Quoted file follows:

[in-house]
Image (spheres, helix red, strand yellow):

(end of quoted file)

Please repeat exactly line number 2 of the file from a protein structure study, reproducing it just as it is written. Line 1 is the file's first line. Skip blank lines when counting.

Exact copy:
Image (spheres, helix red, strand yellow):